Sometimes I wonder when the people at the base here sleep. If it doesn’t rain they’ll sit outside for hours, but no matter how early I get up,there are always people happily doing their laundry or mopping the floor.
My biorhythm has changed over the past months, minute by minute, and by now I actually wake up at 6:30, without an alarm. Yes mom, that’s right. 6:30.
But a Nepali won’t be impressed by this. To illustrate this, two quotes.
Sujan, after the World Cup finals: “Ruth didi, I was SO tired…guess at what time I woke up this morning!”
Ruth (is thinking 10, or 11 maybe): “Well, tell me!”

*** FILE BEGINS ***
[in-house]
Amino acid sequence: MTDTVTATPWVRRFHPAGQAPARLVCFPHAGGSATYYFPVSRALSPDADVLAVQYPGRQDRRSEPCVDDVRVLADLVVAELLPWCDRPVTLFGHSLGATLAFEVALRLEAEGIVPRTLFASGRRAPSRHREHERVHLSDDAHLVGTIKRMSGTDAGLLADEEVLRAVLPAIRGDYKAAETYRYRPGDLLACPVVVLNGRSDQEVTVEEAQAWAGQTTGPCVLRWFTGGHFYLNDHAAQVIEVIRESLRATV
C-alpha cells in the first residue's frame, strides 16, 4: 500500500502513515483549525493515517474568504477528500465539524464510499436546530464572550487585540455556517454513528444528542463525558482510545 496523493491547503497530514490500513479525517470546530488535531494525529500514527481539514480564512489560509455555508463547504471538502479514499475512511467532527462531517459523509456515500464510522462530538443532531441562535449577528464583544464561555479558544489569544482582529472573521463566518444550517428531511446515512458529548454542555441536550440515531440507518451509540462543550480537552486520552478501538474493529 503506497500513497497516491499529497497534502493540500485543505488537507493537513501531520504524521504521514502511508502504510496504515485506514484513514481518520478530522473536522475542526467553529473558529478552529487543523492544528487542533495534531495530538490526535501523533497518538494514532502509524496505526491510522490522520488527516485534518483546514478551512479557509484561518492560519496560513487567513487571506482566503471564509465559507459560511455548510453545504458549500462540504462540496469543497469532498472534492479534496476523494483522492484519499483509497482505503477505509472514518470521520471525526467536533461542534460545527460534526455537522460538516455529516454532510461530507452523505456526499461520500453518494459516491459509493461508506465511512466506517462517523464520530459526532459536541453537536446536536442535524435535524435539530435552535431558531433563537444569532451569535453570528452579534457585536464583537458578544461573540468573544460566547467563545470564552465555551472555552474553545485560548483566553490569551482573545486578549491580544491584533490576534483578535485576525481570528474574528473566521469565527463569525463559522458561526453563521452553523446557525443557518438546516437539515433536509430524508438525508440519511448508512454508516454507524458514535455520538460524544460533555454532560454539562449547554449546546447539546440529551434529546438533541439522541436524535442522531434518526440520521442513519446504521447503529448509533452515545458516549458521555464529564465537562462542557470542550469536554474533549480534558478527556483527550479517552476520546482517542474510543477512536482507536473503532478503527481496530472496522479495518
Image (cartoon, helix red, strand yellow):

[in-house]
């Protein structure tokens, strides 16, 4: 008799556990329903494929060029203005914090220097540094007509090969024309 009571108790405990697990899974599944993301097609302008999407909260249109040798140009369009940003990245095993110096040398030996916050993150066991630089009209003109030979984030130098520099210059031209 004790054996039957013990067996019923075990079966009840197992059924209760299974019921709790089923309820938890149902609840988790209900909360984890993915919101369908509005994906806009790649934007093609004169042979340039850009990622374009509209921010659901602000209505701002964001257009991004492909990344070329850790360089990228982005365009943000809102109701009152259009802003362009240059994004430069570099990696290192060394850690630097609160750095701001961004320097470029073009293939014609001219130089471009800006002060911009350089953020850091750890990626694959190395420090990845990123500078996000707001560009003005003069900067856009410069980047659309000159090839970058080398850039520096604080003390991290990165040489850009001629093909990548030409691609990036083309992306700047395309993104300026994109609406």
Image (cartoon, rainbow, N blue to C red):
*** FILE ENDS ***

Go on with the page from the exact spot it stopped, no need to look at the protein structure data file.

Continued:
Sujan: “at EIGHT o’clock!!”
Tilak: “This morning I woke up early. Or actually…I only woke up at 6am. Because last night I went to bed so late, that I had a hard time waking up this morning.”
Yeah. BEAT THAT.
And cutting grass like a Nepali? Forget it. On Tuesday I cut my thumb, on Wednesday my index finger and on Friday my middle finger. So I just hung my sickle on the willows (not literally. This is actually a nice saying in Dutch, meaning you give up.) What I actually did was give that sickle to a Nepali, who cuts grass three times as fast, without bloody incidents.